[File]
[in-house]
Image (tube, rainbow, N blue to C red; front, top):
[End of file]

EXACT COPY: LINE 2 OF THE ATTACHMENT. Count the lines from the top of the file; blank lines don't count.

Image (tube, rainbow, N blue to C red; front, top):